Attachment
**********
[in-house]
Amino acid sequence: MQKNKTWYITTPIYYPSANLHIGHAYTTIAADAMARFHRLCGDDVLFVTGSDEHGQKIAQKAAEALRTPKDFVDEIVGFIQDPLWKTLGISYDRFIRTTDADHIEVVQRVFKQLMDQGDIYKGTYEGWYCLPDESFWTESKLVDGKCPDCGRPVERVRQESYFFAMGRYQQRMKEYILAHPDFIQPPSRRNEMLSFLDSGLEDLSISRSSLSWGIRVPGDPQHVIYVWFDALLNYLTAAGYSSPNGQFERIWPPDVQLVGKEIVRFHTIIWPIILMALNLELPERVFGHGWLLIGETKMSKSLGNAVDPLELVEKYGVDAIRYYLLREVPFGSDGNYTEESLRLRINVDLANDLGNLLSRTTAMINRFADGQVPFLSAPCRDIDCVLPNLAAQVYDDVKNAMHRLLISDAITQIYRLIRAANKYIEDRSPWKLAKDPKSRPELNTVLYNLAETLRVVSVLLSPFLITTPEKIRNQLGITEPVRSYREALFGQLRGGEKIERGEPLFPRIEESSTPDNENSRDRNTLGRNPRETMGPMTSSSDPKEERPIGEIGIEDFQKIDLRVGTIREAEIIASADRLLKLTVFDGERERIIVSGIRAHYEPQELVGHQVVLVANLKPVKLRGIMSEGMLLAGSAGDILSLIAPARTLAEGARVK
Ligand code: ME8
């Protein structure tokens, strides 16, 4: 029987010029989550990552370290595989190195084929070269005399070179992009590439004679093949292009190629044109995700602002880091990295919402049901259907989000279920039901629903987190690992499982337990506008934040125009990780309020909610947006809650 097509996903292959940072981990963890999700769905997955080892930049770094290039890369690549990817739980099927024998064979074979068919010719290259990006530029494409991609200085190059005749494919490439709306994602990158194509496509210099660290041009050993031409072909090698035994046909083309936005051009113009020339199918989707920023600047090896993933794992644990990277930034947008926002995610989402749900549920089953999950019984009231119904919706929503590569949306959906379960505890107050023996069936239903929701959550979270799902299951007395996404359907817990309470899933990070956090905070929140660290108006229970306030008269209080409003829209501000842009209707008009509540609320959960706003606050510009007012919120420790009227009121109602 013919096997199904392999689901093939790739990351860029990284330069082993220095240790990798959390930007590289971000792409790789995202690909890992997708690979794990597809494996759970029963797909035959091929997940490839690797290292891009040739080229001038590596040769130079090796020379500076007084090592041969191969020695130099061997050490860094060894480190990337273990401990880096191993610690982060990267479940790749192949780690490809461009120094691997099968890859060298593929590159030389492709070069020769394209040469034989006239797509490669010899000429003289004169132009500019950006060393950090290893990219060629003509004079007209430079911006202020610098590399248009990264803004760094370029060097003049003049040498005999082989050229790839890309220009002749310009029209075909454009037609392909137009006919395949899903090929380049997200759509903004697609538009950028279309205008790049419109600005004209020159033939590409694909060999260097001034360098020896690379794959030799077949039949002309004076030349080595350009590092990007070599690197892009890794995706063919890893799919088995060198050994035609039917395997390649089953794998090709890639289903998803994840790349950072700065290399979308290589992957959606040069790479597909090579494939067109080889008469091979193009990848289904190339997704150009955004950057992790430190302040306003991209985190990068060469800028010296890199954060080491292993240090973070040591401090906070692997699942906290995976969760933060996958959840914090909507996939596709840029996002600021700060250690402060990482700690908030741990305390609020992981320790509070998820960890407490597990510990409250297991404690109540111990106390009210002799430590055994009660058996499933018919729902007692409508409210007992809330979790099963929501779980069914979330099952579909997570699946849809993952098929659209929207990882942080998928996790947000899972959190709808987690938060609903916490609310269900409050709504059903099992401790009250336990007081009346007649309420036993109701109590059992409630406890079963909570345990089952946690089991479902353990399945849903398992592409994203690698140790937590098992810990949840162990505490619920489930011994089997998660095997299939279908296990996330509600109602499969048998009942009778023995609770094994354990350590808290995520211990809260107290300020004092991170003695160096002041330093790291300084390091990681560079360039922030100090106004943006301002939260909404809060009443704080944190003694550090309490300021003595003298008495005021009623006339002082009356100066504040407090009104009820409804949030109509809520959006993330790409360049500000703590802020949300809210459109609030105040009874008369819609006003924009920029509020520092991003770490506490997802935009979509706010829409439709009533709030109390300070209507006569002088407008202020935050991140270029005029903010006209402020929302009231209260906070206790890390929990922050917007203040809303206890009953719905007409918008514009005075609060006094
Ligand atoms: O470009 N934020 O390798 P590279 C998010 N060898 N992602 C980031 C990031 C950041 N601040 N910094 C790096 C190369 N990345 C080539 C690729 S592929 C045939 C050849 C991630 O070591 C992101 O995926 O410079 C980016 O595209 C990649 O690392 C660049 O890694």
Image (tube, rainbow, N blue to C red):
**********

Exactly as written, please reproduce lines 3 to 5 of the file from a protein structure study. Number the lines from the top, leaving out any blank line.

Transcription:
Ligand code: ME8
């Protein structure tokens, strides 16, 4: 029987010029989550990552370290595989190195084929070269005399070179992009590439004679093949292009190629044109995700602002880091990295919402049901259907989000279920039901629903987190690992499982337990506008934040125009990780309020909610947006809650 097509996903292959940072981990963890999700769905997955080892930049770094290039890369690549990817739980099927024998064979074979068919010719290259990006530029494409991609200085190059005749494919490439709306994602990158194509496509210099660290041009050993031409072909090698035994046909083309936005051009113009020339199918989707920023600047090896993933794992644990990277930034947008926002995610989402749900549920089953999950019984009231119904919706929503590569949306959906379960505890107050023996069936239903929701959550979270799902299951007395996404359907817990309470899933990070956090905070929140660290108006229970306030008269209080409003829209501000842009209707008009509540609320959960706003606050510009007012919120420790009227009121109602 013919096997199904392999689901093939790739990351860029990284330069082993220095240790990798959390930007590289971000792409790789995202690909890992997708690979794990597809494996759970029963797909035959091929997940490839690797290292891009040739080229001038590596040769130079090796020379500076007084090592041969191969020695130099061997050490860094060894480190990337273990401990880096191993610690982060990267479940790749192949780690490809461009120094691997099968890859060298593929590159030389492709070069020769394209040469034989006239797509490669010899000429003289004169132009500019950006060393950090290893990219060629003509004079007209430079911006202020610098590399248009990264803004760094370029060097003049003049040498005999082989050229790839890309220009002749310009029209075909454009037609392909137009006919395949899903090929380049997200759509903004697609538009950028279309205008790049419109600005004209020159033939590409694909060999260097001034360098020896690379794959030799077949039949002309004076030349080595350009590092990007070599690197892009890794995706063919890893799919088995060198050994035609039917395997390649089953794998090709890639289903998803994840790349950072700065290399979308290589992957959606040069790479597909090579494939067109080889008469091979193009990848289904190339997704150009955004950057992790430190302040306003991209985190990068060469800028010296890199954060080491292993240090973070040591401090906070692997699942906290995976969760933060996958959840914090909507996939596709840029996002600021700060250690402060990482700690908030741990305390609020992981320790509070998820960890407490597990510990409250297991404690109540111990106390009210002799430590055994009660058996499933018919729902007692409508409210007992809330979790099963929501779980069914979330099952579909997570699946849809993952098929659209929207990882942080998928996790947000899972959190709808987690938060609903916490609310269900409050709504059903099992401790009250336990007081009346007649309420036993109701109590059992409630406890079963909570345990089952946690089991479902353990399945849903398992592409994203690698140790937590098992810990949840162990505490619920489930011994089997998660095997299939279908296990996330509600109602499969048998009942009778023995609770094994354990350590808290995520211990809260107290300020004092991170003695160096002041330093790291300084390091990681560079360039922030100090106004943006301002939260909404809060009443704080944190003694550090309490300021003595003298008495005021009623006339002082009356100066504040407090009104009820409804949030109509809520959006993330790409360049500000703590802020949300809210459109609030105040009874008369819609006003924009920029509020520092991003770490506490997802935009979509706010829409439709009533709030109390300070209507006569002088407008202020935050991140270029005029903010006209402020929302009231209260906070206790890390929990922050917007203040809303206890009953719905007409918008514009005075609060006094
Ligand atoms: O470009 N934020 O390798 P590279 C998010 N060898 N992602 C980031 C990031 C950041 N601040 N910094 C790096 C190369 N990345 C080539 C690729 S592929 C045939 C050849 C991630 O070591 C992101 O995926 O410079 C980016 O595209 C990649 O690392 C660049 O890694």